One Stop Tutors Tips & Advice

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Tips & Advice

Starting on the Right Career Path

Does your son or daughter worry about their future? Do you worry about their future?

As a career coach, I meet young people who don’t know what to do as a career and this can make them stressed. I always try to reassure them that it doesn’t matter yet, just do things you enjoy - but at the same time it’s important to explore.

Doing research and being aware of what’s on offer is a great way to open their eyes to possibilities and help put negative thoughts aside.

 Without action, they can’t expect anything to change, so the stress will remain.

Read more ...

Teenage Stress and Wellbeing

Andrea Edmondson Learning 2 Flourish logoThe teenage years are times of significant physical and mental growth. The changes that occur offer challenges and opportunities and how we choose to handle these can make a huge difference to wellbeing now and in the future.

The brain actively changes during adolescence, it’s remodelled, pruned and refined. The prefrontal cortex (the bit behind your forehead) is the last area mature at around 25 years! This is the area of the brain the supports key skills: emotional regulation, inhibition control, planning behaviour, solving problems and empathy.

The prefrontal cortex is the part of the brain we need to help us handle the demands and difficulties we face each day.  When we have too much stress, this part of the brain goes offline and another more primitive part runs the show.  This switch explains changes in thoughts, feelings and behaviour from moment to moment.

What can you do to help?

  1. Get good quality sleep- tiredness makes us more sensitive to stress, restorative sleep is the foundation of wellbeing. My workshop on Schedules & Sleep will help you improve yours.
  2. Key physically active- even just a short walk can lower stress hormones and stimulate the release of BDNF- this is like ‘miracle grow’ for your brain and enhances mood. Find out more at my workshops on Brain health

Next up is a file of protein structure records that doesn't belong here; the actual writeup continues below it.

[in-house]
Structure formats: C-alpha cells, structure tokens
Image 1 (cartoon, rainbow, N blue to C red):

3. Eat well- when we are stressed, BTW, boredom is stress! We tend to want to eat and most likely the food choices we make while making us feel better in the short term actually add to our stress in the long term.
  4. Notice your mindsets and thoughts-Sometimes we get stuck focusing on the problems and challenges we don't see the possibilities and opportunities. Take a few moments look at things through a different lens. Try my Motivation & Mindsets workshop
  5. Have more positive thoughts- humans have a negatively bias, this is an ancient survival strategy that doesn’t serves us so well in the modern world. Try to focus on the positive this will change your brain chemicals and mood. My workshop on Emotion Management will give you strategies you need
  6. Use digital devices- but not too much, notice how you feel when you come off social media, the internet or your gaming device. If you feel tired, negative, crave sugar or are irritable it’s a sign you've been on too long. Find out more at my workshop of Stress & Stressors
  7. Stay connected with friends and family, schedule group calls, try and do real time video, humans need to see other humans, we regulate each other with our facial expressions and voices.
  8. Help others and get a helper’s high! - Neuroscience has demonstrated that helping others triggers the release of oxytocin, serotonin and dopamine in our brains. These hormones have the effect of boosting our mood and counteract the effect stress hormones-wash up, volunteer, even just making your parent a cup of tea!
  9. Accepting help-the teenage brain want to be independent and manage things alone but learning to lean on others is why humans have survived as a species. Whether it’s a friend, family member, teacher or helpline ask for help.
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